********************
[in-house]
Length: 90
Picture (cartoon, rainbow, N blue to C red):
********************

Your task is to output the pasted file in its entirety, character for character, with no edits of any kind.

[in-house]
Length: 90
Picture (cartoon, rainbow, N blue to C red):